June 4th, 2021 by Jane Turner
This review of Six Stories by Matt Wesolowski comes because I read (and loved!) and reviewed the latest in the Six Stores series: Deity.
Six Stories is the first in the series, published by Orenda Books in 2016. I read the Kindle version.
1997. Scarclaw Fell. The body of teenager Tom Jeffries is found at an Outward Bound centre. Verdict? Misadventure.
But not everyone is convinced. And the truth of what happened in the beautiful but eerie fell is locked in the memories of the tight-knit group of friends who embarked on that fateful trip, and the flimsy testimony of those living nearby.
2017. Enter elusive investigative journalist Scott King, whose podcast examinations of complicated cases have rivalled the success of Serial, with his concealed identity making him a cult internet figure.
In a series of six interviews, King attempts to work out how the dynamics of a group of idle teenagers conspired with the sinister legends surrounding the fell to result in Jeffries’ mysterious death. As every interview unveils a new revelation, you’ll be forced to work out for yourself how Tom Jeffries died, and who is telling the truth.
I read the latest in the Six Stories series, Deity, in Feb 2021 and absolutely loved it. This is the first in the series, and I promised myself I’d check them out.
In this book, Scott King is just starting his podcasts and he’s got a great mystery to cover. It’s got creepy mountains, superstition, rebellious teens, a misunderstood loner, disused mines, and strange visions. Visions seen by small groups at a time, that seem to match… Is there something on the Fell?
(For those not in the UK, a ‘fell’ is a high and barren landscape feature, such as a mountain or moor-covered hill. The term fell has its origin from an Old Norse word for the parts of mountains above the treeline. There are different regions of fells in the UK.)
Six Stories sets out the format for Matt Wesolowski’s other works in the series, and a brilliant format it is. Based on the structure of a six-part podcast, each section covers an interview with a key person involved. Each reveals their part, which join together to make a whole, and from which the reader draws their conclusion on events. Proof positive that everyone sees things differently.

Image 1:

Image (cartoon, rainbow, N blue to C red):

But this first one has an added twist…
It took me a while to read this because I was dipping in and out while reading other things – but I had to put the other things down. And I’m really glad I did.
By reading the first book after the latest, I could clearly see how Mr Wesolowski’s writing has developed. I was (almost) equally captivated towards the end, though.
And yes, I got the other books as well – Hydra, Changeling and Beast – and reviews on those will follow. But, after reading two of the five Six Stories books, I can’t imagine that they won’t be brilliant as well…
So very glad to have found another ‘must always get’ author.
Matt Wesolowski is an author from Newcastle-upon-Tyne in the UK. He is an English tutor for young people in care.
Matt started his writing career in horror, and his short horror fiction has been published in numerous UK- and US-based anthologies, such as Midnight Movie Creature, Selfies from the End of the World, Cold Iron and many more. His novella, The Black Land, a horror set on the Northumberland coast, was published in 2013.
Matt was a winner of the Pitch Perfect competition at the Bloody Scotland Crime Writing Festival in 2015. His debut thriller, Six Stories, was an Amazon bestseller in the USA, Canada, the UK and Australia, a WHSmith Fresh Talent pick, and film rights were sold to a major Hollywood studio.
A prequel, Hydra, was published in 2018 and became an international bestseller. Changeling, the third book in the series, was published in 2019 and was longlisted for the Theakston’s Old Peculier Crime Novel of the Year. His fourth book, Beast, won the Amazon Publishing Readers’ Independent Voice Book of the Year award in 2020.
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